Although the new space telescope james webb has monopolized covers with his recent images, his predecessor, the venerable Hubble, launched in 1990, is still operational and promoting new discoveries. Like, for example, the observation in March of Earendel, the most distant star.
Few stars have their own names. In this case, it is derived from archaic English and means, more or less, “dawn star”. Fans of Tolkien’s sagas will remember that one of the protagonists of The Silmarillion responds to a very similar name, but it is a pure coincidence.
The surprising thing about Earendel is his remoteness. The light that has caught the Hubble was emitted when the universe was less than a billion years old, meaning that it has been traveling through space for almost 13 billion years before leaving its faint trace on the electro-optical sensors of the Hubble.
It is very unlikely that the circumstances that have allowed us to take this look at such an old star are given. For this reason, from the outset, it was considered a prime objective for the james webb, launched on December 25, 2021. Fortunately, given the time of year, the southern constellation of the Whale where Earendel hides is within telescope range. With its increased resolving power and ability to see in the infrared, the james webb took on July 30 a new, even more detailed image, both of the star itself and of the arc of light that surrounds it, which is responsible for the favorable optical effect that amplifies its brightness. A trace of warped light that has also been given a name: Arc of the Dawn.
Cosmic magnifying glass and redshift
In December, the webb it will repoint its mirror there to attempt a spectral analysis to confirm or rule out the presence of heavy elements. At the moment, and only with the images of the Hubble and the webb, Earendel has already generated more than 4,700 articles in scientific publications (almost 40%, from authors associated with European institutions). Not in vain is it the most remote individual object that —today— we can distinguish in the cosmos. Although there are already reports that three or four more stars have been identified, very old and also favored by another cosmic “magnifying glass”.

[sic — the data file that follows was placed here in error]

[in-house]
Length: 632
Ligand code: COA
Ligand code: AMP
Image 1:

With stars so remote, astronomers don’t talk about distance so much as “redshift,” a measure of how much their light has been “dilated” as a result of the expansion of the universe. In the case of Earendel, that index is 6.2, which places it 28 billion light-years from us. The one that held the previous record – nicknamed Icarus, in the constellation of Leo – does not reach half that figure.
It seems like a paradox: How is it possible to see an object at that distance when the universe has existed for much less time? His light, whose speed cannot exceed any physical body, should not have had time to reach us yet.
The answer is that space is not static, but is constantly expanding. When Earendel’s light began its journey, the universe was very young and therefore much smaller than it is now. Since then, space has been growing and in its expansion it has been separating more and more the galaxies it contains.
But what has surprised him most is that Earendel is an isolated star, not a galaxy. The oldest galaxies do not appear in the photos of the Hubble like the beautiful spirals that we know, but like irregular masses of gas with reddish tones in which no structure can be distinguished. In reality, this color is false, the result of the treatment of the images. Most of the light they emit has migrated to the infrared, precisely because the expansion of space has been stretching their wavelengths until they get to that end of the spectrum.
Earendel is a huge star. Rather, it was, because its fires have been out for eons. It is likely to be a sample of the legendary Population III, the first stars to appear after the Big Bang. They had to be formed only by primordial hydrogen and helium. No other element was involved in its composition, for the simple reason that atoms of other metals did not yet exist. These heavier atoms would form as a result of the nuclear reactions that occur during the evolution of these stars. When they exploded, after a short and violent life, they would spread all those products throughout the cosmos that would serve as the building blocks of the next stellar generation.
It is estimated that Earendel had a mass between fifty and a hundred times greater than the Sun, with a surface temperature of 20,000 degrees (the Sun is only a third of that figure). That would make it extremely luminous, with a bluish-white glow. But no matter how bright, an isolated star that has not gone supernova should be invisible from such a distance.
That we can see it is due to an unusual chance. Between that star and us stands a small group of galaxies whose gravity acts like a lens that both concentrates and distorts the light from more distant objects.
Furthermore, Earendel is precisely in a narrow area of that giant magnifying glass where the light is strengthened the most. In optics it is known as a caustic and in the telescope image it appears as a thin arc of light. It is the same effect that occurs at the bottom of a swimming pool, when the ripples of the water on the surface form brighter bands, or like light passing through a glass, which creates abstract shapes on the table.
Thanks to this effect, the star’s light could be increased between a thousand and forty thousand times, enough for the Hubble can distinguish it. Of course, after having accumulated nine hours of exposure looking towards the same region of the sky. Literally, the telescope has been accumulating one by one the photons that arrive from Earendel after their long journey through the universe.
You can follow MATTER in Facebook, Twitter and Instagramor sign up here to receive our weekly newsletter.